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Did anything like there ever run here?

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heirflick
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hi lads,i got these coaches from wrenneire and found out that they are short clerestory coaches made by hornby, repainted to irish green livery with flying snail logos. tyhe white roof therw me off a bit but after talking to JHB, he confirmed that coaches did in fact run with white roof prior to 1925!. couldnt send him a pic so i said id throw up a post here and show them. my bigger question is did anything like these ever run here?confused-face-smiley-emoticon.gif

 

strange coaches 001.jpg

strange coaches 004.jpg

strange coaches 002.jpg

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Beautiful job!! Yes, carriages like that did run here. There are several possibilities. The only carriages ever to run in Ireland with bowed in ends were of WLWR origin. The lighter unlined green you have and snails indicate a late '50's repaint, so your coaches are probably kicking about Dublin to be brought out on Naas race days, or set to work on the Portarlington-Athlone train, or maybe based in Cork for local traffic. With a clerestorey roof, though, you're looking at a handful of GSWR origin vehicles.

 

The WLWR only had six bogie vehicles! That narrows down the nearest possibilities to 48ft brake composites 102/3, which the GSWR / GSR / CIE renumbered 937/8, both built in 1898 and surviving until 1955. For light green, you're just in there! But they didn't have clerestorey roofs... which if you were really keen, could easily be remedied. One of those would be your brake. The full-3rd or full compo you also have would be closest resembled by WLWR 95/6, built in 1896. These ended up as GSWR / GSR / CIE 986 and 987, scrapped in 1960 and 1959 respectively. Again, standard WLWR bowed ends, but no clerestories. If you prefer the clerestories and ignore the bowed ends, the GSWR built eight coaches, drawings for which haven't survived, but that according to specs in the GSWR carriage book would be like thefull-seating one. These were numbered 507 (1885), 487-90 (1888) and 465/6, and 502 in 1901.

 

The above would be the closest to what you have, but they do "look right" irrespective of whether you want to be that strict... and an excellent paint job too. As I say, if you really wanted to pass them off as an actual vehicle, I'd go for replacing the roofs with normal ones, and numbering them in the WLWR series. Hope this helps!

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I can't add anything more to the prototype info provided by jhb but it is possible (if you really want to and have the time and patience) to trim off the bowed ends so they are "flat" and use some plasticard stirp to build up the vertical panels; I have done this with some similar Ratio coaches which are also are based on GWR prototypes. These are "based on" a GWR design fairly loosely,as Triang/Hornby in those far off days went for a general impression rather than a specific " scale model". The coaches were originally produced in chocolate and cream to run with the dean 4-2-2 loco "Lord of The isles" and then re-appeared in many other liveries later. Hope they run all right - they will be Ok if you use Code 100 but probably will jump all over the place if you use 75!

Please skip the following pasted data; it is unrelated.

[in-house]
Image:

I attach a rather poor picture of a sort of "BCDR" coach I hacked from one of these coaches and yes, the BCDR DID paint its coach roofs white. They didn't stay that way for long though.

 

Colm

 

BCDR coach.JPG

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I always liked the Triang clerestories apart from the roof and bowed ends fairly typical of GSWR & CBSCR stock running in the 50s.

 

This type of coach seems to have been common with C Class haulage from Albert Street to Courtmacsharry and Timoleague

 

Perhaps a race, seaside special behind a new silver or green C Class.

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Yes, indeed, the CBSCR had shortish bogie coaches which looked much like that, and they kept at least 5 or 6 in Albert Quay for those excursions as the curves were too tight for many another type of coach, including - I think - all 6 wheelers. To make those, all you'd need to do is change the bowed WLWR style ends, as the coaches on the CBSCR were of GSW and CBSCR origin. To be ultra perfect, the darker green would be appropriate; I don't believe those old stock were ever the light green, as the railcars had arrived and they were just in reserve. One or two of them had a localised Albert Qua livery of dark green, but no light bands above and below windows, in fact no lining at all; but two "snails" despite short lenths, and the "class" numeral on each door. Those Triang coaches actually have many uses but as seen above very much look the pafrt with or without conversion into something specific. (Black ends though!) :-)

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Some railways in N Ireland kept "coloured" ends for a long time! On the BCDR it was only during WW2 that ends began to be painted black. I have done some of mine each way for variety. And the GNR did rhe ends of their blue and cream coaches the same colours as the sides until it died in 1958! The NCC however moved to balck ends in the mid 1930s.

 

Of course, i expect that the ends in all railways would have become darker until they might well have appeared black due to buildup of muck etc.!

 

Colm

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